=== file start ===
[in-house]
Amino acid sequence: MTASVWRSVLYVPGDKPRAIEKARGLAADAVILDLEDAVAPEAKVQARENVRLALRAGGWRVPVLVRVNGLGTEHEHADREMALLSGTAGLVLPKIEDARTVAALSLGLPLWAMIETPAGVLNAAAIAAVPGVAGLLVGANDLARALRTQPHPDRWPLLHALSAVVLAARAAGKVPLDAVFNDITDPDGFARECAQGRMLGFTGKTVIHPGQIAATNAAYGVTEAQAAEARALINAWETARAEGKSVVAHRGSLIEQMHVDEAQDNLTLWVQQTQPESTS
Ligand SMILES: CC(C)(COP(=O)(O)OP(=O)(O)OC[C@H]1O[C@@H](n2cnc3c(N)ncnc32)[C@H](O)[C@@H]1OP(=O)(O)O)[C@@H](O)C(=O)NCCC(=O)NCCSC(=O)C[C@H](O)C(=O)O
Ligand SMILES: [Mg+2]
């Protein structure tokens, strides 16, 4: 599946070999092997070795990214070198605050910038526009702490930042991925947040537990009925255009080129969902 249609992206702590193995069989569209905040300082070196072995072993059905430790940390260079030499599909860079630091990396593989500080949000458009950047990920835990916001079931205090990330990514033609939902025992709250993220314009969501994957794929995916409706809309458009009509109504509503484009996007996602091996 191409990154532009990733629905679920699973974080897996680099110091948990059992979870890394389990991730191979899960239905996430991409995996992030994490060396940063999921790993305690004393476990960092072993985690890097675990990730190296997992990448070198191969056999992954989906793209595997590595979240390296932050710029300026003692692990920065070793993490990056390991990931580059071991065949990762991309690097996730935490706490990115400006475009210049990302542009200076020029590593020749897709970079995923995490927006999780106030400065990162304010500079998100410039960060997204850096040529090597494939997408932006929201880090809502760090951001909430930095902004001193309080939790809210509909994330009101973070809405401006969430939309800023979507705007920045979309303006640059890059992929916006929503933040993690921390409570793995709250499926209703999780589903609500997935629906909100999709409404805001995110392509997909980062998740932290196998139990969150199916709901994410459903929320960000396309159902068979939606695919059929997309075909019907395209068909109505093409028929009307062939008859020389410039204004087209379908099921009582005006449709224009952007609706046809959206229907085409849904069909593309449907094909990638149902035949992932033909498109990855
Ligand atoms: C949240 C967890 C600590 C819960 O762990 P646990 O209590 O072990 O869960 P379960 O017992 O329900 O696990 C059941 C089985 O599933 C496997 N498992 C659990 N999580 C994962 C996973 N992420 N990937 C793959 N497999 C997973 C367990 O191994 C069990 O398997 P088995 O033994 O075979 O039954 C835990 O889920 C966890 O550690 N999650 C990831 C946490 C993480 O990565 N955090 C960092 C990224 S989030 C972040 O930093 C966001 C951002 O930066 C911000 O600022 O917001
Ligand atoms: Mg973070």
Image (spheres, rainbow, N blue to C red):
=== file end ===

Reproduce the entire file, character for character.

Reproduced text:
[in-house]
Amino acid sequence: MTASVWRSVLYVPGDKPRAIEKARGLAADAVILDLEDAVAPEAKVQARENVRLALRAGGWRVPVLVRVNGLGTEHEHADREMALLSGTAGLVLPKIEDARTVAALSLGLPLWAMIETPAGVLNAAAIAAVPGVAGLLVGANDLARALRTQPHPDRWPLLHALSAVVLAARAAGKVPLDAVFNDITDPDGFARECAQGRMLGFTGKTVIHPGQIAATNAAYGVTEAQAAEARALINAWETARAEGKSVVAHRGSLIEQMHVDEAQDNLTLWVQQTQPESTS
Ligand SMILES: CC(C)(COP(=O)(O)OP(=O)(O)OC[C@H]1O[C@@H](n2cnc3c(N)ncnc32)[C@H](O)[C@@H]1OP(=O)(O)O)[C@@H](O)C(=O)NCCC(=O)NCCSC(=O)C[C@H](O)C(=O)O
Ligand SMILES: [Mg+2]
């Protein structure tokens, strides 16, 4: 599946070999092997070795990214070198605050910038526009702490930042991925947040537990009925255009080129969902 249609992206702590193995069989569209905040300082070196072995072993059905430790940390260079030499599909860079630091990396593989500080949000458009950047990920835990916001079931205090990330990514033609939902025992709250993220314009969501994957794929995916409706809309458009009509109504509503484009996007996602091996 191409990154532009990733629905679920699973974080897996680099110091948990059992979870890394389990991730191979899960239905996430991409995996992030994490060396940063999921790993305690004393476990960092072993985690890097675990990730190296997992990448070198191969056999992954989906793209595997590595979240390296932050710029300026003692692990920065070793993490990056390991990931580059071991065949990762991309690097996730935490706490990115400006475009210049990302542009200076020029590593020749897709970079995923995490927006999780106030400065990162304010500079998100410039960060997204850096040529090597494939997408932006929201880090809502760090951001909430930095902004001193309080939790809210509909994330009101973070809405401006969430939309800023979507705007920045979309303006640059890059992929916006929503933040993690921390409570793995709250499926209703999780589903609500997935629906909100999709409404805001995110392509997909980062998740932290196998139990969150199916709901994410459903929320960000396309159902068979939606695919059929997309075909019907395209068909109505093409028929009307062939008859020389410039204004087209379908099921009582005006449709224009952007609706046809959206229907085409849904069909593309449907094909990638149902035949992932033909498109990855
Ligand atoms: C949240 C967890 C600590 C819960 O762990 P646990 O209590 O072990 O869960 P379960 O017992 O329900 O696990 C059941 C089985 O599933 C496997 N498992 C659990 N999580 C994962 C996973 N992420 N990937 C793959 N497999 C997973 C367990 O191994 C069990 O398997 P088995 O033994 O075979 O039954 C835990 O889920 C966890 O550690 N999650 C990831 C946490 C993480 O990565 N955090 C960092 C990224 S989030 C972040 O930093 C966001 C951002 O930066 C911000 O600022 O917001
Ligand atoms: Mg973070």
Image (spheres, rainbow, N blue to C red):